In 1893, McKim, Mead, & White won the design competition for what would become the Brooklyn Museum. Their design featured a Beaux-Arts masterpiece , 560 feet square, with four interior light courts. The Greco-Roman building won praise for its sculpture filled façade (noted sculptors include Daniel Chester French, Adolph Weinman, and Charles Kerk). In New York City, the Brooklyn Museum is often overlooked, despite the fact that it is one of the oldest and largest museums in the United States and is well known for its Egyptian Collection.
Construction on the Museum began in 1895 and the first section was completed in 1897. Between 1899 and 1926 other potions of McKim, Mead, & White’s design were realized, but it would never be completed in its entirety. In 1934, Philip Youtz became the Museum’s director and he, unfortunately, felt the need to make the Museum more modern. In order to accomplish his vision, he removed the Museum’s grand staircase (which was twice the height of the staircase at the Metropolitan Museum in Manhattan) and served its adherence to its original design plan.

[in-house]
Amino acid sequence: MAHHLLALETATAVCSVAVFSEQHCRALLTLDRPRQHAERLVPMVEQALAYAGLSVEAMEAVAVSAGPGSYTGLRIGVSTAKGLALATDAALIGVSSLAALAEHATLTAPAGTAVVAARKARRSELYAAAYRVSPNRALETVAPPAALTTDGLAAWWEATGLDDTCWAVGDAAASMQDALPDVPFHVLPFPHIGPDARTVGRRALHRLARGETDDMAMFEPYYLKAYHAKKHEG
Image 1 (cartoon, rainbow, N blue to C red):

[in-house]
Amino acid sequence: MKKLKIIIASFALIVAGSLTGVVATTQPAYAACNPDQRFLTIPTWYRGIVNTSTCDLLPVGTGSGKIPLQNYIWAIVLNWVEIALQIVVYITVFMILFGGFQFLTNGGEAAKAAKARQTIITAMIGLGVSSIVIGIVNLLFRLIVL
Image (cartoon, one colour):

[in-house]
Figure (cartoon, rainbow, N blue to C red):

Had the McKim, Mead,& White’s master plan been realized, Brooklyn would have been home to the largest single museum structure in the world.